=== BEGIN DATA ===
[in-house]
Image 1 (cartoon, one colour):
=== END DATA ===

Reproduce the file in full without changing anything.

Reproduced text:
[in-house]
Image 1 (cartoon, one colour):